SC to hear batch of pleadings on loan moratorium on Wednesday


NEW DELHI: The Supreme Court announced on Tuesday that it would hear a series of motions tomorrow that raised questions about the six-month loan moratorium period announced due to the COVID-19 pandemic.
The pleas were taken to a court made up of judges Ashok Bhushan, RS Reddy and MR Shah, who said he would hear the case on Wednesday.
The highest court hears the motions, including the one that requested an instruction to declare the part of an RBI notification, issued on March 27, “ultra vires to the extent that it charges interest on the loan amount during the period. moratorium … ”
The Reserve Bank of India (RBI) recently filed an affidavit in the Supreme Court claiming that a moratorium on loans exceeding six months could have the effect of “vitiating global credit discipline” which will have a “debilitating impact” on the process of creating credit in the economy.
Separately, the Center also filed an affidavit stating that going beyond fiscal policy decisions already taken, such as waiving compound interest charged on loans of up to Rs 2 crore during a moratorium period. of six months, could be “detrimental” to the Global Economic Scenario, the national economy and banks could not withstand the “inevitable financial constraints”.
These affidavits were filed following the October 5 Supreme Court order asking them to record the recommendations of the KV Kamath Committee on Debt Restructuring Due to COVID-19 Stress on Various Sectors as well as Notifications and circulars issued so far on the moratorium on loans.
In its affidavit, the RBI said any waiver of interest on interest would entail “significant economic costs” which cannot be absorbed by banks without seriously damaging their finances, which in turn would have enormous implications. for depositors and broader financial stability.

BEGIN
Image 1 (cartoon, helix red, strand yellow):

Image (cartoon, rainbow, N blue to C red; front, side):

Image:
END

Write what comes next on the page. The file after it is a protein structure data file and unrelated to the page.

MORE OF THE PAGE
He also said that the Supreme Court’s interim order of September 4, restricting the classification of accounts as non-performing accounts in accordance with instructions issued by the RBI, could be overturned with immediate effect.
Previously, the Ministry of Finance filed an additional affidavit in the Supreme Court on October 2, claiming that it had decided to waive the compound interest (interest on interest) charged on loans up to 2 crore rupees for a moratorium of six months for individual borrowers as well. than medium and small industries.
Kamath’s panel made recommendations for 26 sectors that could be considered by lending institutions when finalizing loan resolution plans and said banks could take a graduated approach depending on the severity of the crisis. coronavirus pandemic in an area.
Initially, the RBI issued the circular on March 27 which authorized credit institutions to grant a moratorium on the payment of maturities of term loans maturing between March 1, 2020 and May 31, 2020, due to the pandemic.
Later, the moratorium period was extended until August 31 of this year.
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